Blog Tour: Catch Me If You Cannes by Lisa Dickenson


Jess has decided it’s time to get out of her comfort zone and live a little. So when her best friend Bryony, a journalist on a gossip magazine, is sent to cover the Cannes Film Festival, Jess decides to seize the day and go along for the ride. Two weeks of sun, glamour and exclusive entry into celeb-filled parties is just the kind of adventure Jess needs.
Reality soon bites though when Jess and Bryony find they’re staying in a dingy hotel far away from all the action and Bryony’s expenses budget barely covers a glass of local wine. Undeterred, the two women are determined to live like the elite and enjoy one fancy night out to begin their holiday. So what if they have to tell a few white lies along the way? It’s just this once. No harm done . . . right?


I have read Lisa’s previous novels and loved them all, you can guarantee she will put you in the mood for jetting off on a summer holiday when you read her Summer releases or cosy up by the fire for the Christmas novels, so there was no doubt in my mind that this one was going to be just perfection.
The cover is beautiful, the title is clever, and most importantly it has Lisa’s trademark humour. Add to this a bucketful of outrageous antics that are over the top, but if you can’t be over the top when you’re on holiday and in somewhere like Cannes, then when can you? If you have more money than you can possibly spend, your lifestyle is probably going to be pretty outrageous, so it was fun seeing Bryon and Jess, especially Jess,, living the life, even if you knew they were going to return from the holiday with a killer credit card bill.
Their antics were maybe spawned by their whole lies about being wealthy but lead to karaoke, staying in expensive hotel rooms for free and parties aboard super yachts to name a few. They were great fun to read, and naturally led to some funny scenes, for example when Jess is shopping for some glasses, but to some extent, it almost made Jess come more out of her shell, and also learn to take life as it comes and try to experience as much as she can, which is something I admire.
I really liked Jess, she was completely relatable. A bit of a closed book at the start about what pushed her to go on this holiday, but when she is more relaxed, her bubbliness shines through. Again, just like all of Lisa’s other leads, I would love to be her best friend, she was great fun to read.
Bryony had constant suspicion that there was bound to be a story deeper than the celebrity gossip that she hates but was sent to Cannes to cover. She was desperation to get into more serious journalism so I get she needed a story. She was such a great friend to Jess, and seeing them and their antics together was smile-inducing.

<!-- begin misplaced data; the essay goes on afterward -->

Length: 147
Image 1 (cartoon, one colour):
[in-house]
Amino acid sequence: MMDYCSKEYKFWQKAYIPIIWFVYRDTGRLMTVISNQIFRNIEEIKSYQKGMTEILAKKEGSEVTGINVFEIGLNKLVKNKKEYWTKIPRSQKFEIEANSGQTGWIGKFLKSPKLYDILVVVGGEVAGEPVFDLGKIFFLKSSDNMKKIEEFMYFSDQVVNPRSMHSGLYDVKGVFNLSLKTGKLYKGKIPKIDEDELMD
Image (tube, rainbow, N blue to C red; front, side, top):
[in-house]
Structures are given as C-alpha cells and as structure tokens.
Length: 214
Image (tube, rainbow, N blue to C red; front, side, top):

Leo was handsome and pretty much loved him from the get go, but some way through the book, I took a leaf from Bryony’s book and began to have my suspicions something was up, not quite to the dramatics that Bryony imagined, but something was up. Loved his character though, and also liked his friend as well.
This book is clearly another stunning summer novel from Lisa. It’s funny, outrageous in the best possible way with some heart to go with it.
Published by: Sphere
Gratefully received from the Publisher for review
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Order on: Amazon UK | Amazon US | Book Depository
 Thank you so much to Clara for organising the blog tour, I was so happy to be asked to take part in this blog tour. Make sure to check the other participants out too and see what they thought!

Paper Hearts and Summer Kisses by Carole Matthews


Christie Chapman is a single working mother who spends her days commuting to her secretarial job in London and looking after her teenage son, Finn. It can be tough just getting through the day but Christie has always found comfort in her love of crafting and any spare time she has is spent in her parents’ summerhouse working on her beautiful creations.
From intricately designed birthday cards to personalised gifts, Christie’s flair for the handmade knows no bounds and it’s not long before opportunity comes knocking. All of a sudden Christie sees a different future for her and Finn – one full of hope and possibility, and if the handsome Max Alexander is to be believed, one full of love too. It’s all there for the taking.
And then, all of sudden, Christie’s world is turned upside down.
Christie knows that something has to give, but what will she choose? Will she give up her dreams and the chance of real love? What price will she pay for doing the right thing? Can Christie find her happy ending


I’ve read quite a few of Carole Matthew’s books, and absolutely adored them. Each one getting better, you know that Carole’s books are comfort reading at it’s finest. Unfortunately this book didn’t quite live to the high hopes that I held for it. I didn’t hate the book. The story was good and the writing was the same cosy style that I didn’t want to put down. What disappointed me with this book was Christie, the main character, who drove me crazy – and I promise it wasn’t just because she drunk red wine out of the fridge!